One of the commonly overlooked contributors to decreased diesel engine performance is the carbon deposit that builds up inside EGR-equipped trucks’ intake manifolds.
Soot-laden EGR manifolds affect both idle quality and fuel economy.
But the build-up happens so slowly most owners don’t recognize there’s an issue until a P0404 code appears on the dash, indicating there’s an issue with the EGR system.
The primary reason for degrading engine performance and throwing an emissions code is the build up of the carbon deposit within the EGR manifold is preventing proper exhaust gas flow past the EGR valve.
Diesel EGR systems are inherently problematic due to carbon buildup in the intake manifold. (Long periods of engine idling is the biggest contributing factor.)
When the oily soot lodges in an EGR valve, it holds the valve open when it should be closed, causing the engine to idle rough or not at all.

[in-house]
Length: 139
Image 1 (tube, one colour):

A loss of fuel economy is also commons sign there’s an issue of a dirty EGR manifold on diesels that have more than 100,000 miles on them.
(Note: If the EGR valve has failed and is NOT opening at all, then symptoms would be higher combustion temps and as a result, higher Nox emissions.)
So if you are doing any sort work that requires removal of, or easy access to, the intake manifold, it pays to give the EGR section a thorough cleaning.
In fact, many shop mechanics and dealers will do this at 100,000 miles as part of preventive maintenance.
The process is not that difficult. It’s just a dirty, grimy 10 minute job. Use a screwdriver or narrow gasket scraper to dislodge the oily carbon buildup from the manifold. It removes easily.
After the deposits are removed, give the manifold a good dousing with carb cleaner or other aggressive solvent.
Then flush out the manifold in a good parts washer and use an air gun to dry it before re-installing.
The result will be smoother idle and possibly better fuel economy as the manifold now recirculates those hot gasses (unburned fuel) back into the system.
- Another benefit of cleaning the EGR manifold: It doesn’t break any federal smog laws like happens when diesel owners start blocking off or deactivating the EGR system.